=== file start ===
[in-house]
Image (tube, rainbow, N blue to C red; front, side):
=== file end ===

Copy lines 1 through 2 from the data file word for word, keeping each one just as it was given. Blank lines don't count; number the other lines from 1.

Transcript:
[in-house]
Image (tube, rainbow, N blue to C red; front, side):